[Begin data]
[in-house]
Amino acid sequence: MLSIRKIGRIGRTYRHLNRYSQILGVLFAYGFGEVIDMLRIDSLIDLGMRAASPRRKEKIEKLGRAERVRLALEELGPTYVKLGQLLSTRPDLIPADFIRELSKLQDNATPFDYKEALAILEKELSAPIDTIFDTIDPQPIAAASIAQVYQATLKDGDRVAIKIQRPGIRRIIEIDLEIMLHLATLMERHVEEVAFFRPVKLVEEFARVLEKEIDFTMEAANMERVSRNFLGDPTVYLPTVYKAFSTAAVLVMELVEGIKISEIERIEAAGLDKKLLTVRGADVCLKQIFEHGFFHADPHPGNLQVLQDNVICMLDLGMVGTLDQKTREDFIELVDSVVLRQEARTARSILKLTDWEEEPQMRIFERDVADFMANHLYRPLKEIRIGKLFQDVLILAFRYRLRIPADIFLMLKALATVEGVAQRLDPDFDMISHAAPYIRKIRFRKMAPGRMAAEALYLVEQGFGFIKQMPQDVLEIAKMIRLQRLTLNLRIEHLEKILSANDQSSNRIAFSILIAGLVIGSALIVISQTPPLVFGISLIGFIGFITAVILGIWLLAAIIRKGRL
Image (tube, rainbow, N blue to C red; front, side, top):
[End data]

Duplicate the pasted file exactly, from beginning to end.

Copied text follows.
[in-house]
Amino acid sequence: MLSIRKIGRIGRTYRHLNRYSQILGVLFAYGFGEVIDMLRIDSLIDLGMRAASPRRKEKIEKLGRAERVRLALEELGPTYVKLGQLLSTRPDLIPADFIRELSKLQDNATPFDYKEALAILEKELSAPIDTIFDTIDPQPIAAASIAQVYQATLKDGDRVAIKIQRPGIRRIIEIDLEIMLHLATLMERHVEEVAFFRPVKLVEEFARVLEKEIDFTMEAANMERVSRNFLGDPTVYLPTVYKAFSTAAVLVMELVEGIKISEIERIEAAGLDKKLLTVRGADVCLKQIFEHGFFHADPHPGNLQVLQDNVICMLDLGMVGTLDQKTREDFIELVDSVVLRQEARTARSILKLTDWEEEPQMRIFERDVADFMANHLYRPLKEIRIGKLFQDVLILAFRYRLRIPADIFLMLKALATVEGVAQRLDPDFDMISHAAPYIRKIRFRKMAPGRMAAEALYLVEQGFGFIKQMPQDVLEIAKMIRLQRLTLNLRIEHLEKILSANDQSSNRIAFSILIAGLVIGSALIVISQTPPLVFGISLIGFIGFITAVILGIWLLAAIIRKGRL
Image (tube, rainbow, N blue to C red; front, side, top):